PLoS One ; 15(10): e0239610, 2020.
Artículo en Inglés | MEDLINE | ID: mdl-33048952


Clinical Practice Guidelines (CPGs) play significant roles in most medical fields. However, little is known about the extent of financial Conflicts of Interest (FCOIs) related to pharmaceutical companies (Pharma) selling dermatology prescription products and dermatology CPG authors in Japan. The aims of this study were to elucidate the characteristics and distribution of payments from Pharma to dermatology CPG authors in Japan, and to evaluate the extent of transparency and accuracy in their FCOI disclosures. We analyzed the records of 296 authors from 32 dermatology CPGs published by the Japanese Dermatological Association from the beginning of 2015 to the end of 2018. Using the payment data reported by 79 Pharma between 2016-2017 in Japan, we investigated the characteristics of the CPG authors and the payments from the Pharma to them. Furthermore, we evaluated the transparency and accuracy of the FCOI disclosures of the individual CPG authors. Of the 296 CPGs authors, 269 authors (90.6%) received at least one payment from the Pharma. The total monetary value of payments for the 2-year period was $7,128,762. The median and mean monetary value of payments from the Pharma reporting were $10,281 (interquartile range $2,796 -$34,962) and $26,600 (standard deviation $40,950) for the two years combined. Of the 26 CPG authors who disclosed FCOIs due to the monies received from Pharma, only the atopic dermatitis CPG authors and the acne vulgaris CPG authors published their potential FCOIs. In Japan, most dermatology CPG authors received financial payments from Pharma. The transparency of the CPGs, as reported by the CPG authors, was inadequate, and a more rigorous framework of reporting and monitoring FCOI disclosure is required to improve the accuracy and transparency with relation to possible Conflicts of Interest.

Conflicto de Intereses/economía , Dermatología/economía , Revelación , Industria Farmacéutica/economía , Guías de Práctica Clínica como Asunto , Autoria , Dermatología/ética , Revelación/ética , Industria Farmacéutica/ética , Femenino , Apoyo Financiero/ética , Humanos , Japón , Masculino , Preparaciones Farmacéuticas/economía , Sociedades Médicas/economía , Sociedades Médicas/ética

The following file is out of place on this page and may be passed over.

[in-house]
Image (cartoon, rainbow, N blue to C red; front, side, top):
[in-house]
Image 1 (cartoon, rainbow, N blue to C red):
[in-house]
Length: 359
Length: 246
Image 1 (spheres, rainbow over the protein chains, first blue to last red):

Aust J Gen Pract ; 49(3): 151-154, 2020 03.
Artículo en Inglés | MEDLINE | ID: mdl-32113215


BACKGROUND AND OBJECTIVES: Pharmaceutical industry interactions with professional medical associations have come under scrutiny, yet industry ties among the leadership of these associations are often overlooked. The aim of this study was to investigate pharmaceutical industry payments to leaders of Australian diabetes or cardiovascular associations, and general associations serving doctors who manage these conditions. METHOD: Payments were identified using publicly available industry transparency reports (October 2015 to April 2018). RESULTS: Overall, 48/197 (24.4%) leaders received payments, predominantly for speaker (51.4%) and advisory board (25.3%) engagements. The proportion of paid leaders was higher for diabetes- and cardiovascular-specific associations (72.7% and 41.2%, respectively) than for general associations (7.6%). DISCUSSION: These findings raise concerns about industry influence on clinical practice and policy.

Conflicto de Intereses/economía , Industria Farmacéutica/ética , Sociedades/ética , Australia , Enfermedades Cardiovasculares/tratamiento farmacológico , Diabetes Mellitus/tratamiento farmacológico , Industria Farmacéutica/economía , Industria Farmacéutica/tendencias , Humanos , Sociedades/economía , Sociedades/tendencias